While I'm on the subject of switch filler quirks, remember to cut the sac a few millimeters short of the depth you found by measuring the shroud depth, since the plunger that actuates the pressure bar moves downward when the "switch" is actuated and that mechanism won't work well if it doesn't have enough clearance to move freely.
    David-

    So many restoration projects...

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    FPG Donor ♕ Chrissy's Avatar
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    Default Re: Pilot "switch filler" converters

    It sounds fascinating and a great fix, but I'm not sure I've seen the type of converter that you mean. Do you have a picture by any chance? Before and after would be even better.
    Regards, Chrissy | My Blog: inkyfountainpens

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    Senior Member KBeezie's Avatar
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    Default Re: Pilot "switch filler" converters

    I wonder if it's anything like this I have on my Pilot Super 250 that I call a "quarter turn filler"







    Last edited by KBeezie; October 19th, 2019 at 09:35 AM.

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    Senior Member awa54's Avatar
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    Default Re: Pilot "switch filler" converters

    KBeezie, that's a conventional switch filler mechanism, I'm not certain that Pilot had an official name for this mechanism, but I first heard it called a switch filler on the forums back in the late 1990s or very early 2000s, so that is what I've stuck with.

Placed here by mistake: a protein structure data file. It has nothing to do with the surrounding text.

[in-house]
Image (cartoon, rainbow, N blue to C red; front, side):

If I might ask, what was your process for feed removal on that pen? Also, congrats on scoring a Falcon nib in one of these! ...and where did you find the demonstrator????


    Chrissy, here is a (terrible) sketch of the workings of a switch filler, the only differrence with the converters is that the shroud is shorter, in order to fit in the barrel of a cartridge adapted pen and the mouth of the converter is shaped differently as well as being retained by multiple staking points in the shroud (the "normal" ones just float, retained by friction between the section, shroud, sac and feed end).


    David-

    So many restoration projects...

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    Senior Member KBeezie's Avatar
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    Default Re: Pilot "switch filler" converters

    Quote Originally Posted by awa54 View Post
    KBeezie, that's a conventional switch filler mechanism, I'm not certain that Pilot had an official name for this mechanism, but I first heard it called a switch filler on the forums back in the late 1990s or very early 2000s, so that is what I've stuck with.